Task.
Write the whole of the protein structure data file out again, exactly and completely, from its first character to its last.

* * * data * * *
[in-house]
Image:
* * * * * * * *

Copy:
[in-house]
Image: